Clients are concerned advisors don’t have all the information they need to help them plan for health care in retirement, according to Peter Stahl, president of Bedrock Business Results. Unfortunately, they’re not doing much better on their own.
Stahl told attendees at Schwab Impact on Thursday that 85% of women and 70% of men are guessing at how much of their health care costs will be covered by Medicare. Only 2% of women and 5% of men actually asked their advisor about it.
It’s important for advisors to guide their clients through their Medicare decisions, Stahl said, because “Medicare is mandatory. It can be delayed or deferred,” but you have to claim it. Once clients file for Social Security, even if they file and suspend, they’ve already pulled the trigger on Medicare.
Part B premiums are paid out of clients’ Social Security benefits, Stahl said, but they’re based on the client’s salary from two years prior to claiming benefits. Stahl encouraged attendees to help their clients apply for reconsideration to have their premiums based on their current income, as retirement, loss of a spouse or divorce can all have a serious impact on income.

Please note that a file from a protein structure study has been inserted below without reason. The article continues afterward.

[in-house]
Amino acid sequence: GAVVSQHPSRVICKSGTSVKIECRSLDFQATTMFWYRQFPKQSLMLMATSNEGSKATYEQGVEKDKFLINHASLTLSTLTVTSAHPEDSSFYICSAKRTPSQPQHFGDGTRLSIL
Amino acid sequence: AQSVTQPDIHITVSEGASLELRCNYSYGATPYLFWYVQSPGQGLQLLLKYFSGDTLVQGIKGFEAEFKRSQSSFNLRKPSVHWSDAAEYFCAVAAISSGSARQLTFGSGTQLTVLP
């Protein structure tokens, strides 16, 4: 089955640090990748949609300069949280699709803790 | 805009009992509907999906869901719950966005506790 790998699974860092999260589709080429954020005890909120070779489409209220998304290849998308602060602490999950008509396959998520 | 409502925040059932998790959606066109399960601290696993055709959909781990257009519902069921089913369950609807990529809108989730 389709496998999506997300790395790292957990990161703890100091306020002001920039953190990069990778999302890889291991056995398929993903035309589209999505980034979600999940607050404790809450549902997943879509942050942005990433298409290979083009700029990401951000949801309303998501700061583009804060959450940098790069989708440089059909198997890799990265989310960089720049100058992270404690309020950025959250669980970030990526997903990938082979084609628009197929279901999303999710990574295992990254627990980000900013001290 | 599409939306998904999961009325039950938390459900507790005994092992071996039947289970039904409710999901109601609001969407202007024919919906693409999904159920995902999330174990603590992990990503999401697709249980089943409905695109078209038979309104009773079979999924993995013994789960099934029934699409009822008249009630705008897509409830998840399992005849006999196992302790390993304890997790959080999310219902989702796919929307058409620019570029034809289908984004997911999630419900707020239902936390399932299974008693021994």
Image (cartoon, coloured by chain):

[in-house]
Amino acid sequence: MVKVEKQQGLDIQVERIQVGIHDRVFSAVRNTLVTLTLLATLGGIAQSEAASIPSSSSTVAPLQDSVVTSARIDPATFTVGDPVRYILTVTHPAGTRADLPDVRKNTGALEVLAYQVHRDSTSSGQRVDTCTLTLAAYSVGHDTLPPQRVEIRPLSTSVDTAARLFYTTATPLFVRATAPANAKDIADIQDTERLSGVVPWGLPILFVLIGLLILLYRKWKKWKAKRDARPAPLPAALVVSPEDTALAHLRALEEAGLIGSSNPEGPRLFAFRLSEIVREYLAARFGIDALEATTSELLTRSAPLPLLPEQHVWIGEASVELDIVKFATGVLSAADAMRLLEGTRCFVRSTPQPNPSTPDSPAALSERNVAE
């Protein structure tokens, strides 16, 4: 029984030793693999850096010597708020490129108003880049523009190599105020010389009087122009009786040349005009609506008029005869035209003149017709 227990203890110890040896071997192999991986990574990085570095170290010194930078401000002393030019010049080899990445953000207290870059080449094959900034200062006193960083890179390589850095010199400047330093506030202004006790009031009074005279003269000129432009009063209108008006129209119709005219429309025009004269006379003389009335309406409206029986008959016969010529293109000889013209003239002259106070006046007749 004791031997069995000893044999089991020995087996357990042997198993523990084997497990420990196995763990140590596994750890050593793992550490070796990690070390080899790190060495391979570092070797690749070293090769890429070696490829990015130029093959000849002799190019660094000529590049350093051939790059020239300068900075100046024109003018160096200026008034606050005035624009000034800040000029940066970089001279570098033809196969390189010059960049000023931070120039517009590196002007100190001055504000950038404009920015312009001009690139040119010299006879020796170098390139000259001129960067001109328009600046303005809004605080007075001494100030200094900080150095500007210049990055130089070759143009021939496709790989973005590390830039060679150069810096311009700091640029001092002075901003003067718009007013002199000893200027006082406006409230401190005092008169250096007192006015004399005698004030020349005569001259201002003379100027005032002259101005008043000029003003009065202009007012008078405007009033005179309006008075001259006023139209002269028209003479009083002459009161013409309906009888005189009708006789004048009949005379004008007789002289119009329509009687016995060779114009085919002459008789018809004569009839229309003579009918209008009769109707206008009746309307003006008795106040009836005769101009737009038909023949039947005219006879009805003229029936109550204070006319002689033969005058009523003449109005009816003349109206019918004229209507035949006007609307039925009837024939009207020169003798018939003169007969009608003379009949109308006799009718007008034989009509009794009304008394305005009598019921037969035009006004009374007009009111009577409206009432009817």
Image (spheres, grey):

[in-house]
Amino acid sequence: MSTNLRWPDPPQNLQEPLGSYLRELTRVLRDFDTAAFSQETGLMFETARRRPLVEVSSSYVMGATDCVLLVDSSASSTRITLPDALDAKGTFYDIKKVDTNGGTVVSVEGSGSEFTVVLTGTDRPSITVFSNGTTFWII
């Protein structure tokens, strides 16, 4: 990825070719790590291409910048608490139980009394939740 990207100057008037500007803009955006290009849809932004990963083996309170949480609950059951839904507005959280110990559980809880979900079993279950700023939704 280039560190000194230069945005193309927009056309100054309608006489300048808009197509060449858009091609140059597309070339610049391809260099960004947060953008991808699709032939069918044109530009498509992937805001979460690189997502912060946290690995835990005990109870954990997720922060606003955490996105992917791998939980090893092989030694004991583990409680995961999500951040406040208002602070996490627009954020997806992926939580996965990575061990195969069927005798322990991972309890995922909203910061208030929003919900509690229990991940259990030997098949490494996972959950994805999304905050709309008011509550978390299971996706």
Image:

Clients generally have two options for Medicare coverage, Stahl said. They can use traditional coverage with Parts A, B and D and a Medigap plan to fill the holes in Parts A and B, or they can opt for a Medicare Advantage plan.
Stahl suggested advisors make a checklist of items to discuss with their clients regarding health care. Obviously, advisors aren’t health care consultants, he said, but “clients want to connect.” Advisors should help them calculate the potential costs and create a plan for income to pay for those costs.
They should also discuss using tax deferral to reduce the modified adjusted gross income used to determine Part B premiums. The problem for clients who have been faithfully saving in their 401(k) plans is that they have “80% to 90% of their income tied up in qualified plans.” Stahl suggesting looking at tax deferred products to shelter clients’ income.